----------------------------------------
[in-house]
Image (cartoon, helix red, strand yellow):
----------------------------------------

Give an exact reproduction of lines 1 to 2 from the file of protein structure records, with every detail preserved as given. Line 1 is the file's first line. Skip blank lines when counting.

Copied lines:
[in-house]
Image (cartoon, helix red, strand yellow):